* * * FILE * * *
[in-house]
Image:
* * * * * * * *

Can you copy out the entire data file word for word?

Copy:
[in-house]
Image: